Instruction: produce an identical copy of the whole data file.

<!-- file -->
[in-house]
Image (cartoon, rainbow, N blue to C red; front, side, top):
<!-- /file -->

[in-house]
Image (cartoon, rainbow, N blue to C red; front, side, top):